Defendant also contends that "the district attorney committed prejudicial error in his argument to the jury: (1) in making reference to testimony admitted solely for impeachment purposes; (2) in misrepresenting to the jury that counsel for appellant, for a number of years in trying cases prosecuted [119 Cal. App. 2d 573] by the same deputy, has in every instance accused the investigating officers of dishonesty, and (3) in stating his personal opinion of the guilt of appellant to the jury." There is no merit in any of these contentions.

[3] It is true that the prosecutor, in his argument, referred to the conversation between Leo, his father, and Officer Carsten without mentioning that this conversation was admitted solely for the purpose of impeaching Leo's testimony. However, defendant failed to make any objection to this argument when it was made, and did not request the court to admonish the jury concerning it. He may not, therefore, raise this question for the first time on appeal. (People v. Temple, 102 Cal. App. 2d 270, 284 [227 P.2d 500]; People v. Codina, 30 Cal. 2d 356, 362 [181 P.2d 881].) [4] It is only when such misconduct is of a flagrant character that it may be reviewed on appeal without previous objection or request for admonition. (See People v. Podwys, 6 Cal. App. 2d 71, 75-76 [44 P.2d 377].) There was nothing in the prosecutor's argument in this case to take it out of the general rule applicable to such matters.

[5] As to the second specification of alleged misconduct, counsel for defendant protested that the argument of the prosecutor was improper and "definitely a personality argument ... that is not true." The court responded to defense counsel, "... I will take your word for it ..." and then commented "I am sure the personalities between these two counsel won't influence the jurors very much." While the admonition might have been more specific, it was sufficient to indicate to the jury that such matters were not to be considered by them. Furthermore, there is no showing of prejudice and we are unable to see how any could have resulted.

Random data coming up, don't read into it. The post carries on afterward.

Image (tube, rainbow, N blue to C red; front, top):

[6] The final claim of misconduct relates to the prosecutor's referring to the defendant as a "narcotic peddler" in his closing argument. This characterization of defendant was, however, prefaced by the expression "based on the evidence in this case." Thus the prosecutor was simply stating his views of what the evidence established. He has a right to do this. (People v. Weber, 149 Cal. 325, 340-341 [86 P. 671]; People v. Patterson, 118 Cal. App. 2d 45, 48-49 [256 P.2d 992].) In the Weber case the prosecutor stated to the jury: "We believe ... that the evidence in this case ... points unerringly, points accurately, beyond the possibility of mistake, to this defendant as the murderer of Mary Weber." In holding that this was a legitimate comment the [119 Cal. App. 2d 574] court said (p. 341): "It is of course improper for a prosecuting officer to assert his personal belief or personal conviction as to the guilt of an accused, if that belief or conviction is predicated upon anything other than the evidence in the case. But, upon the other hand, such prosecuting officer has the indisputable right to urge that the evidence convinces his mind of the accused's guilt. Indeed, it would be mere stultification if it were contended that the prosecuting attorney could argue to the jury that the evidence should convince their minds, although it did not convince his. A prosecuting officer, therefore, has the right to state his views, his beliefs, his conviction as to what the evidence establishes. [Citation.]"

The judgment and order denying the motion for a new trial are affirmed.

Moore, P. J., and McComb, J., concurred.